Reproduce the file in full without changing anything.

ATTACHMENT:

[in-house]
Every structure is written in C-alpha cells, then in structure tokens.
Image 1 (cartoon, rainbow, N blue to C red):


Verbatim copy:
[in-house]
Every structure is written in C-alpha cells, then in structure tokens.
Image 1 (cartoon, rainbow, N blue to C red):